Common name : Spider plant, also known as Airplane plant, Ribbon plant, Spider Ivy
Scientific name : Chlorophytum comosum
Spider plant is one of the most adaptable of houseplants, brought into homes from ages unknown. Native to southern Africa, it has become naturalized in other parts of the world. Its long, thin, arched foliage looks pretty in hanging planters, and ease of its care makes it a must have in every house, office or any other place. Infact if observed, its found everywhere around.
The name spider, comes from the fact that its babies or pups or spiderettes or plantlets, which dangle down from the mother plant like spiders on a web. It is sensitive but tolerant to abuse, therefore making it one of the easiest houseplants which will thrive in a wide range of conditions.
According to the NASA Clean Air Study, it was effective in removing few common household air toxins.
Spider plant comes in three varieties,
Chlorophytum comosum, has solid green leaves. (a rare one)
Chlorophytum comosum Vittatum, has green leaves with a broad central white strip
Chlorophytum comosum Variegatum, has green leaves with white margins
" Vittatum "
" Variegatum "
Ready for propagation
Roots after 3 days in water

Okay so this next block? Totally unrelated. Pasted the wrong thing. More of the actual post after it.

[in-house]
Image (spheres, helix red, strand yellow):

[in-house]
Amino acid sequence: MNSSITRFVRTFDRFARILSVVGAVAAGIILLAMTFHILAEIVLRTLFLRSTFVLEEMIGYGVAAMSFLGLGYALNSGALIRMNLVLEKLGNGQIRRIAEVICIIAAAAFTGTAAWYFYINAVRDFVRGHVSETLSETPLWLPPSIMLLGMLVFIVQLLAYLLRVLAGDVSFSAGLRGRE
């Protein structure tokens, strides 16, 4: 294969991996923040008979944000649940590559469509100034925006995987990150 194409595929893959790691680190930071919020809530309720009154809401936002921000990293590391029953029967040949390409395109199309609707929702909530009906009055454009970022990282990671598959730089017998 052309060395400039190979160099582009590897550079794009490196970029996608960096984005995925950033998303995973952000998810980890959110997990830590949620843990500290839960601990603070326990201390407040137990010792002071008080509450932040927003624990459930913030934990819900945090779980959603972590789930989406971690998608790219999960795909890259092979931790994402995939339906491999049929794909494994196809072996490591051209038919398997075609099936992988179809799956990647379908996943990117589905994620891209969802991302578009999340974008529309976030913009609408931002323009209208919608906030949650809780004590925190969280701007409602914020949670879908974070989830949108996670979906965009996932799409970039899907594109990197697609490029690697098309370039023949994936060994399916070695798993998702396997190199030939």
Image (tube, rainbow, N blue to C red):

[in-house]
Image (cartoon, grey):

Roots after 2 weeks in water
Care tips :
Sunlight : Bright - moderate indirect sunlight is preferred, but forgiving in medium light too.
Medium : Spider plant can be grown in soil or water.
Soil - Well draining soil is preferred.
Soil mix ratio -
Soil : Coco Peat
1 : 1
Water - Make sure the root ball or shoot isn't in water, only the roots must be. Change the water every week. Use some stones to anchor the roots and to keep the plant afloat, it grows healthier.
Water : Water thoroughly when the soil is almost dry, don't let the soil dry out completely. I tend to water every 4-5 days in summer and spring, once a week otherwise.
Fertilizing : Liquid fertilizing once in two weeks during the growth seasons, i.e. spring and summer.
Disease : It is prone to tip burn which can be caused by dry soil, low humidity or buildup of salts and chemicals from watering. Not to fret this can be overcome by altering the watering frequency, and using soft and clean water, humidifier. Spider plant is a hardy plant, it won't give up easily.
Spider plant flowers during spring, which then develop to pups. These pups take few months to grow big enough roots. Cut the pups carefully from the stem, either put them in water or plant them directly in soil.
The pups can be propagated in water with very tiny roots, make sure the leaves or the root ball aren't submerged in water for long, it'll kill the plant. Once the roots are an inch or two long you can transfer them to soil.
Plant the pups into soil only when the roots are at least a centimetre long. The success rate this way is higher, keep the soil moist all the time.
Also an interesting fact, I read there are seed pods too. I found them recently when I was cutting the pups from the stem. Will try propagating from seeds soon and mention them here. Until then,